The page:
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On the Endogeneity of Inflation Targeting: Preferences Over Inflation


  • Nicolás de Roux


  • Marc Hofstetter



Over the last quarter of a century, inflation targeting has become a popular monetary regime. Nevertheless, empirical evaluations of IT have shown contradictory results. Part of the reason is that IT in and of itself constitutes an endogenous decision and thus needs to be properly instrumented. In this paper, we show that preferences over inflation constitute a crucial determinant of IT: countries exhibiting greater inflation aversion are more likely to adopt IT.

Suggested Citation

  • Nicolás de Roux & Marc Hofstetter, 2011. "On the Endogeneity of Inflation Targeting: Preferences Over Inflation," DOCUMENTOS CEDE 008731, UNIVERSIDAD DE LOS ANDES-CEDE.
  • Handle: RePEc:col:000089:008731

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    References listed on IDEAS

    1. Kishore Gawande & Usree Bandyopadhyay, 2000. "Is Protection for Sale? Evidence on the Grossman-Helpman Theory of Endogenous Protection," The Review of Economics and Statistics, MIT Press, vol. 82(1), pages 139-152, February.
    2. Laurence Ball & Nicolás Roux & Marc Hofstetter, 2013. "Unemployment in Latin America and the Caribbean," Open Economies Review, Springer, vol. 24(3), pages 397-424, July.
    3. Brender, Adi & Drazen, Allan, 2005. "Political budget cycles in new versus established democracies," Journal of Monetary Economics, Elsevier, vol. 52(7), pages 1271-1295, October.
    4. Robert J. MacCulloch & Rafael Di Tella & Andrew J. Oswald, 2001. "Preferences over Inflation and Unemployment: Evidence from Surveys of Happiness," American Economic Review, American Economic Association, vol. 91(1), pages 335-341, March.
    5. Abdul d Abiad & Petya Koeva Brooks & Irina Tytell & Daniel Leigh & Ravi Balakrishnan, 2009. "What’s the Damage? Medium-term Output Dynamics After Banking Crises," IMF Working Papers 09/245, International Monetary Fund.
    6. Betsey Stevenson & Justin Wolfers, 2008. "Happiness Inequality in the United States," The Journal of Legal Studies, University of Chicago Press, vol. 37(S2), pages 33-79, June.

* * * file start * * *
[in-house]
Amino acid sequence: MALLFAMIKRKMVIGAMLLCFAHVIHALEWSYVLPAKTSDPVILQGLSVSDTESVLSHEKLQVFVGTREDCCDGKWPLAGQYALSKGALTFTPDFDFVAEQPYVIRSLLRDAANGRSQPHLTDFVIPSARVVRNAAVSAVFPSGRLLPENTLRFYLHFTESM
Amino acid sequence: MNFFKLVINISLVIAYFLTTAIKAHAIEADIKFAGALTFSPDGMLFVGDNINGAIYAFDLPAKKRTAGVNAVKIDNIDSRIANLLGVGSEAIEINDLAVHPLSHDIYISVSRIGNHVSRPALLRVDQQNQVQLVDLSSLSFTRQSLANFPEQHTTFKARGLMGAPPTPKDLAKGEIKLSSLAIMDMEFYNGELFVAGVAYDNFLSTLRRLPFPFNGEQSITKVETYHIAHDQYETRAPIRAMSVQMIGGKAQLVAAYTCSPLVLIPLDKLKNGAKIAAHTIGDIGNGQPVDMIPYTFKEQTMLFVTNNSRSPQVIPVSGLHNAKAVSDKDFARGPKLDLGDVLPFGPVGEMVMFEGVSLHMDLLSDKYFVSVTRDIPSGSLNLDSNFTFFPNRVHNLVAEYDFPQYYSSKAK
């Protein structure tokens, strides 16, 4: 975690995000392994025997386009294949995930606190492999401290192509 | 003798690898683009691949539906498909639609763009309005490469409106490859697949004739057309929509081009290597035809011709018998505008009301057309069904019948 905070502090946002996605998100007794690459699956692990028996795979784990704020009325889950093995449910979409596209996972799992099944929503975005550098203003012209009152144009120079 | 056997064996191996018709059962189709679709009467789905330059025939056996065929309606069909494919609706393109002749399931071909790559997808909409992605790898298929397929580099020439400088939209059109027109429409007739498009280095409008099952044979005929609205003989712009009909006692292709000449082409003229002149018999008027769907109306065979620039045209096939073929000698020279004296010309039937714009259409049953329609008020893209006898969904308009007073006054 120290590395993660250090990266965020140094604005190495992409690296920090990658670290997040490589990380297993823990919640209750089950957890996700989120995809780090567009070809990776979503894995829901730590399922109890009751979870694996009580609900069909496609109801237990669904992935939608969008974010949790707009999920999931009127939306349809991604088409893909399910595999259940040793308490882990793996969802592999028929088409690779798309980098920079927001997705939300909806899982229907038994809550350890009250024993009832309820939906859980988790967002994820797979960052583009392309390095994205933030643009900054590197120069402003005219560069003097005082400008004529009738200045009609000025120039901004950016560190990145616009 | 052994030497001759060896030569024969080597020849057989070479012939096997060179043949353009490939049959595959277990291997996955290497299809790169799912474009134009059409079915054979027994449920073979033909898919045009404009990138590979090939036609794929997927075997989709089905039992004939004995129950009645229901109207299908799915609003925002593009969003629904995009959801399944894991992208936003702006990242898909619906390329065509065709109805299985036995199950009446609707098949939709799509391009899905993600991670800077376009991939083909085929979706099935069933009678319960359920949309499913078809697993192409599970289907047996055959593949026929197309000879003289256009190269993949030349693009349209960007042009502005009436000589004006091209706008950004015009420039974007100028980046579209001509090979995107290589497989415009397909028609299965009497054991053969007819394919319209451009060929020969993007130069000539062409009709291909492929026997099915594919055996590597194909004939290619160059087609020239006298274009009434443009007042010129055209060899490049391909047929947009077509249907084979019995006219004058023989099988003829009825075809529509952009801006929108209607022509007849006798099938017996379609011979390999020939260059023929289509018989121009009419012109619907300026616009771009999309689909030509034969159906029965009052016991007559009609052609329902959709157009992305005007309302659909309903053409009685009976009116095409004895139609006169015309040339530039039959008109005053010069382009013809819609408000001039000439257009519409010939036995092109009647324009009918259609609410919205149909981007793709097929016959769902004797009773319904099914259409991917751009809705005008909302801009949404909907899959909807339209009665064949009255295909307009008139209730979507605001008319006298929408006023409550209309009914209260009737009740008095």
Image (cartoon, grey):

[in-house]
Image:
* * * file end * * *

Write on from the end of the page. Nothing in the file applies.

7. Brito, Ricardo D. & Bystedt, Brianne, 2010. "Inflation targeting in emerging economies: Panel evidence," Journal of Development Economics, Elsevier, vol. 91(2), pages 198-210, March.
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    Cited by:

    1. De Roux, Nicolás & Hofstetter, Marc, 2014. "Do preferences shape institutions? The case of inflation aversion and inflation targeting," Journal of Behavioral and Experimental Economics (formerly The Journal of Socio-Economics), Elsevier, vol. 51(C), pages 68-78.
    2. Esteban Colla De Robertis, 2010. "Monetary Committee Size and Special Interest Influence," Documentos de Investigación - Research Papers 2, Centro de Estudios Monetarios Latinoamericanos, CEMLA.

    More about this item


    Inflation targeting; Monetary Policy; Monetary Regimes;

    JEL classification:

    • E31 - Macroeconomics and Monetary Economics - - Prices, Business Fluctuations, and Cycles - - - Price Level; Inflation; Deflation
    • E52 - Macroeconomics and Monetary Economics - - Monetary Policy, Central Banking, and the Supply of Money and Credit - - - Monetary Policy
    • E58 - Macroeconomics and Monetary Economics - - Monetary Policy, Central Banking, and the Supply of Money and Credit - - - Central Banks and Their Policies
    • E61 - Macroeconomics and Monetary Economics - - Macroeconomic Policy, Macroeconomic Aspects of Public Finance, and General Outlook - - - Policy Objectives; Policy Designs and Consistency; Policy Coordination

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